Sustainability Defined

Sustainability is a popular word with a variety of definitions.  One common definition is the preservation of natural capital.  Another is to avoid doing harm.  Another suggests that it is the ability to sustain activity indefinitely.  All of them seem to focus on the avoidance of a negative impact.  While that is good, it is insufficient.

Mission Enablers prefer to think that sustainability means taking action today that will ensure the future is better for everyone, even for future generations.

If a nonprofit focuses on sustaining its current level of activity, there will be insufficient capacity to serve those in need tomorrow as the population grows.  Therefore, sustainability demands that every nonprofit increase its capacity to serve.

As long as the population grows, there will be a growing demand for everything.  However, there is a finite supply of everything.  In other words everything will cost more in the future; everything will be less affordable to those who need it most.  Sustainability means enabling clients to be self-sustaining.

Strategic resources are the ones that determine whether an entity can survive.  Oxygen is a strategic resource for most living things.  Donors, money, clients, staff, and community support are examples common to most nonprofits.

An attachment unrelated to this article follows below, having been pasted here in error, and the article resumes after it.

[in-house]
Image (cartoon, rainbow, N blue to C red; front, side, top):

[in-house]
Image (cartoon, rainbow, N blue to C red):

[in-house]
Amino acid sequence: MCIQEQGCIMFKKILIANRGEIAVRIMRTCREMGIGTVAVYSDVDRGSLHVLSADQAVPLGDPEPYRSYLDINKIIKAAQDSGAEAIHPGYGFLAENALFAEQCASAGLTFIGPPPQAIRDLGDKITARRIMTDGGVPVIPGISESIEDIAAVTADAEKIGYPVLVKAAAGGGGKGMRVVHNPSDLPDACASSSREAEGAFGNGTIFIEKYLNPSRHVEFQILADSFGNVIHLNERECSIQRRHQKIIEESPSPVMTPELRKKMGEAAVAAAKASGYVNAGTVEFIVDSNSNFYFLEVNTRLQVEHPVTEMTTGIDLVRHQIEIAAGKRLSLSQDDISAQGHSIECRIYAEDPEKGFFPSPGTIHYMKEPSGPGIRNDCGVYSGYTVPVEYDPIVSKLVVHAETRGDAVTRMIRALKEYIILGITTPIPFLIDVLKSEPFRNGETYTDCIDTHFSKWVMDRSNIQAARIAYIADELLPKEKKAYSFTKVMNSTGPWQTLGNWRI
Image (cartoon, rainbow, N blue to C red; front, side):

What are the other strategic resources your nonprofit’s future depends on?

Each of your nonprofit’s strategic resources must be constantly increasing.  Prudence suggests that you must have reserves of each.  Therefore, the resources must grow faster than the demand.  Tracking the growing demand is necessary because change is never smooth or predictable.  Sustainability means having sufficient reserves to meet more than the near-term demands.

Each resource needs its own plan.  The plan must either lay out the steps to increase the availability of the resource or reduce the need for the resource.  Since every resource is finite, it is necessary to reduce the dependence over time.  However, the abundance of some resources is high, reducing the demand for those resources can be postponed.  Another part of the plan must be the effective use of the current resources until an abundant substitute can be found.  Sustainability means having a variety of resource plans.

Tracking donor loyalty, growth, and generosity is one example.  The rate of growth of new donors must exceed the rate of growth of the budget or inflation plus population growth whichever is higher.  Donor retention must be constantly improving.  The unnecessary loss of a donor is wasteful.

Next Step:

Define your nonprofit’s strategic resources

Create a plan for each of your strategic resources

Track resource availability and your nonprofit’s changing needs

Ensure that your resource reserves are growing at the same rate as your demand for each of those resources

The promise of your mission statement ensures that each of your clients will experience an increase in their sustainability by completing your program.  Your nonprofit should have the same level of sustainability as your clients hope to achieve.

Take It Further:

Ask your board to make the sustainability of your nonprofit a priority

Collaborate with other nonprofits, government agencies, and for-profits that need the same resources as your nonprofit (ensuring there is a collaborative effort to provide everyone with the necessary resources)


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